The -w option expects a value which the utility will take as the response time to wait for. In this example, the wait time is 0.1 seconds and the traceroute utility was unable to wait for any response and it printed all the *’s.

$ traceroute google.com -w 0.1
traceroute to google.com (74.125.236.101), 30 hops max, 60 byte packets
1  * * *
2  * * *
3  * * *
..
26  * * *
27  * * *
28  * * *
29  * * *
30  * * *

4. Configure Number of Queries per Hop

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The traceroute utility sends 3 packets per hop to provide 3 round trip times. This default value of 3 is configurable using the option ‘-q’. This option expects an integer which it sets as new value of number of probes per hop.

$ traceroute google.com -q 5
traceroute to google.com (173.194.36.46), 30 hops max, 60 byte packets
1  220.224.141.129 (220.224.141.129)  91.579 ms  91.497 ms  91.458 ms  91.422 ms  91.385 ms
2  115.255.239.65 (115.255.239.65)  91.356 ms  91.325 ms  98.868 ms  98.848 ms  98.829 ms
3  124.124.251.245 (124.124.251.245)  94.581 ms  107.083 ms  107.044 ms  107.017 ms  106.981 ms
4  115.255.239.45 (115.255.239.45)  106.948 ms  106.918 ms  144.432 ms  144.412 ms  144.392 ms
5  72.14.212.118 (72.14.212.118)  115.565 ms  115.485 ms  115.446 ms  115.408 ms  115.381 ms
6  72.14.232.202 (72.14.232.202)  115.351 ms  87.232 ms  117.157 ms  117.123 ms  117.049 ms
7  209.85.241.189 (209.85.241.189)  126.998 ms  126.973 ms  126.950 ms  126.929 ms  126.912 ms
8  bom04s02-in-f14.1e100.net (173.194.36.46)  126.889 ms  95.526 ms  95.450 ms  95.418 ms  105.392 ms

5. Configure the TTL value to start with

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By default its value is 1 which means it starts off with the first router in the path but using the ‘-f’ option (which expects the new value of TTL) a new value of the TTL field can be set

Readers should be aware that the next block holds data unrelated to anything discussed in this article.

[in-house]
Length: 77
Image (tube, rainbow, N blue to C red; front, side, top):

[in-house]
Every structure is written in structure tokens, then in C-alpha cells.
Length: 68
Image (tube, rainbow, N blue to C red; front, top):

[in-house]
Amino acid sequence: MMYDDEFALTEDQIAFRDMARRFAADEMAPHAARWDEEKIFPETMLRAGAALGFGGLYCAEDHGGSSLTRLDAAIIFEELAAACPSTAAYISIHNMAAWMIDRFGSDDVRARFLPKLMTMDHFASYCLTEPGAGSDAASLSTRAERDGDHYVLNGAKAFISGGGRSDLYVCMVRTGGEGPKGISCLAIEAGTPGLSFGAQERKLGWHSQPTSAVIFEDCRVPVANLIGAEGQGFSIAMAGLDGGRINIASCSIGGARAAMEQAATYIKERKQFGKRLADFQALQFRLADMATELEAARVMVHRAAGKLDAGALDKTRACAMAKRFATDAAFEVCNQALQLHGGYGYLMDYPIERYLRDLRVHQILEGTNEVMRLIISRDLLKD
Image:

$ traceroute google.com
traceroute to google.com (74.125.236.132), 30 hops max, 60 byte packets
1  220.224.141.129 (220.224.141.129)  89.181 ms  101.540 ms  101.503 ms
2  115.255.239.65 (115.255.239.65)  101.468 ms  101.431 ms  101.324 ms
3  124.124.251.245 (124.124.251.245)  121.373 ms  121.350 ms  158.694 ms
4  115.255.239.45 (115.255.239.45)  101.223 ms  141.135 ms  123.932 ms
5  72.14.212.118 (72.14.212.118)  123.867 ms  123.832 ms  123.802 ms
6  72.14.232.202 (72.14.232.202)  123.773 ms  123.742 ms  587.812 ms
7  216.239.48.179 (216.239.48.179)  587.723 ms  587.681 ms  587.642 ms
8  bom03s02-in-f4.1e100.net (74.125.236.132)  577.548 ms  577.524 ms  587.512 ms
 
$ traceroute google.com -f 8
traceroute to google.com (74.125.236.129), 30 hops max, 60 byte packets
8  bom03s02-in-f1.1e100.net (74.125.236.129)  96.961 ms  96.886 ms  96.849 ms

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If you wish to look at all Linux commands and their usage examples, go to Linux Commands Tutorial.

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Manish Bhojasia, a technology veteran with 20+ years @ Cisco & Wipro, is Founder and CTO at Sanfoundry. He lives in Bangalore, and focuses on development of Linux Kernel, SAN Technologies, Advanced C, Data Structures & Alogrithms. Stay connected with him at LinkedIn.